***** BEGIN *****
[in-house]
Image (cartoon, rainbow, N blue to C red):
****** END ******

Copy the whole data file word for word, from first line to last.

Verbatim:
[in-house]
Image (cartoon, rainbow, N blue to C red):